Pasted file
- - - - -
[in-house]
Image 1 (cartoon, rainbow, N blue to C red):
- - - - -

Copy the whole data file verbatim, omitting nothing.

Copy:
[in-house]
Image 1 (cartoon, rainbow, N blue to C red):